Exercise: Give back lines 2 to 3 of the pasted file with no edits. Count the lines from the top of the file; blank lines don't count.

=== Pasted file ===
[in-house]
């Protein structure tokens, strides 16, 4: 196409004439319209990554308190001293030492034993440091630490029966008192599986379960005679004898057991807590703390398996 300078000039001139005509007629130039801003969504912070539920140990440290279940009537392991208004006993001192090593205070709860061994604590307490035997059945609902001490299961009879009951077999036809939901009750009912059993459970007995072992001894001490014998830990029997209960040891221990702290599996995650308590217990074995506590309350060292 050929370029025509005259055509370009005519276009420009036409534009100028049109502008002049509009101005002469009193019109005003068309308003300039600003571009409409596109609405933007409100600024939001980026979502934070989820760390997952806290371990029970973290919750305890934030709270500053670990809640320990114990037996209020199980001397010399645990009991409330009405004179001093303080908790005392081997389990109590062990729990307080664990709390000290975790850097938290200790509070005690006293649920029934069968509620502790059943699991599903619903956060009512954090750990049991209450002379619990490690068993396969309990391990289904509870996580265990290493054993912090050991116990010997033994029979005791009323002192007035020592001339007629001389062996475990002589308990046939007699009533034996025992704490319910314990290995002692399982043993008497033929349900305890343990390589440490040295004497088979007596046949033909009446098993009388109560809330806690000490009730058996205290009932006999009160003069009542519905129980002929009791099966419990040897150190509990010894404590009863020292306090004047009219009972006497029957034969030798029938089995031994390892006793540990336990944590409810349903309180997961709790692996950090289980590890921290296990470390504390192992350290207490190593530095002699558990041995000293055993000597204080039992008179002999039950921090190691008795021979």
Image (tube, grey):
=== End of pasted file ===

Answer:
């Protein structure tokens, strides 16, 4: 196409004439319209990554308190001293030492034993440091630490029966008192599986379960005679004898057991807590703390398996 300078000039001139005509007629130039801003969504912070539920140990440290279940009537392991208004006993001192090593205070709860061994604590307490035997059945609902001490299961009879009951077999036809939901009750009912059993459970007995072992001894001490014998830990029997209960040891221990702290599996995650308590217990074995506590309350060292 050929370029025509005259055509370009005519276009420009036409534009100028049109502008002049509009101005002469009193019109005003068309308003300039600003571009409409596109609405933007409100600024939001980026979502934070989820760390997952806290371990029970973290919750305890934030709270500053670990809640320990114990037996209020199980001397010399645990009991409330009405004179001093303080908790005392081997389990109590062990729990307080664990709390000290975790850097938290200790509070005690006293649920029934069968509620502790059943699991599903619903956060009512954090750990049991209450002379619990490690068993396969309990391990289904509870996580265990290493054993912090050991116990010997033994029979005791009323002192007035020592001339007629001389062996475990002589308990046939007699009533034996025992704490319910314990290995002692399982043993008497033929349900305890343990390589440490040295004497088979007596046949033909009446098993009388109560809330806690000490009730058996205290009932006999009160003069009542519905129980002929009791099966419990040897150190509990010894404590009863020292306090004047009219009972006497029957034969030798029938089995031994390892006793540990336990944590409810349903309180997961709790692996950090289980590890921290296990470390504390192992350290207490190593530095002699558990041995000293055993000597204080039992008179002999039950921090190691008795021979």
Image (tube, grey):